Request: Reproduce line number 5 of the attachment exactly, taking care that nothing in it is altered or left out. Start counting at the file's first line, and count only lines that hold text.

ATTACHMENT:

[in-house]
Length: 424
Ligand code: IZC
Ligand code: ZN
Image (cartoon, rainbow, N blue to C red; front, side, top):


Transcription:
Image (cartoon, rainbow, N blue to C red; front, side, top):